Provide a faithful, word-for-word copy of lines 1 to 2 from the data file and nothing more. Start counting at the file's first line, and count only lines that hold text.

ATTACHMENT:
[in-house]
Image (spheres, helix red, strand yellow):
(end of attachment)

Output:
[in-house]
Image (spheres, helix red, strand yellow):